10 July 2012

Michael Schearer answers your questions (my #defcon rant)

Let me begin this post with the (what should be unnecessary) caveat that I love all things DEFCON. The conference and the people have been nothing but good to me over the past six years. I will be there this year, and likely years into the future.

That being said, I have a particular nitpick, which I hope will be construed as constructive criticism, concerning a couple of speaking slots that are "so-and-so answers your questions." The speakers are Bruce Schneier and Kevin Poulsen. My second caveat is that this criticism is not directed to them; I don't have a problem with either guy. And this should not be construed as directed toward any given individual associated with DEFCON, because that's really not my intent. My issue is the format (as it relates to the return for the speaker).

DEFCON has presumably gotten more popular over the years as more people attend and more people submit proposals to speak. I'm not privy to these numbers, or to the overall quality of the submissions. But given the feedback I've gotten, it would seem that there are more good talks than there are speaking slots. Legitimately good talks get turned down. It happens. I have been fortunate to have most of my talks accepted. But I've been on the rejection side, too (for DEFCON and other cons). It sucks, especially when you put a lot of work into crafting what you think is a good proposal, and especially when you get good feedback from the conference and other people.

Let's talk about when "so-and-so answers your questions." Let's say we have 45-50 minutes and 3 minutes for any given question and answer. That leaves about 15-16 people (out of hundreds or thousands) who get to ask a question; or whomever can get to the microphone faster than me. Maybe I'm in the minority here, but I just don't get a lot out of these talks. But that's really a minor criticism.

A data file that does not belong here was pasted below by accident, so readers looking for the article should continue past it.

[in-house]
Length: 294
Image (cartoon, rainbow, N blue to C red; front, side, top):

My bigger concern is that people who have put time and effort into developing legitimately good proposals are unfortunately turned down for spots that require no work. When "so-and-so answers your questions," those speakers realistically don't have to prepare anything. Show up and answer questions. I could do that (if I were popular, which I am not, but I digress).

I'd like to think that in some small way, a CFP rewards people who put time and effort into the process. That isn't to say the longest or most detailed proposal should automagically be accepted; but time and effort should mean something. When I get accepted to speak at a conference, it's a treat and reward for what is often months of prior research. It means a lot. I sense that others probably feel the same way.

I realize that this criticism might seem self-serving because I didn't get selected this year (honestly, I am and was totally bummed about it; but it happens and I am not going to let it make my experience any less awesome). I'd like to think I would have this same criticism whether or not I got accepted. But this isn't about me. Better yet, I'd love to see Bruce or Kevin (or anyone in these circumstances) give a prepared talk; it shows me they actually care about putting time and effort into rewarding the attendees with thoughtful discussion instead of showing up for a handful of Q and As, something that anyone could do.

What do you think? I am whining too much and full of shit, or is there a point somewhere here?
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